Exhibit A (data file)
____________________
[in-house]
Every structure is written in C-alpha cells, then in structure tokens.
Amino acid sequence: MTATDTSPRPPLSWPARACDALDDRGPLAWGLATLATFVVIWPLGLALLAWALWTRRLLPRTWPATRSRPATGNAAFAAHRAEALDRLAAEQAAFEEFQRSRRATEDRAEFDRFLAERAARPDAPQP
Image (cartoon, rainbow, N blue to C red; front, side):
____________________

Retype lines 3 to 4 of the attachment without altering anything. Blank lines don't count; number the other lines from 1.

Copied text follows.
Amino acid sequence: MTATDTSPRPPLSWPARACDALDDRGPLAWGLATLATFVVIWPLGLALLAWALWTRRLLPRTWPATRSRPATGNAAFAAHRAEALDRLAAEQAAFEEFQRSRRATEDRAEFDRFLAERAARPDAPQP
Image (cartoon, rainbow, N blue to C red; front, side):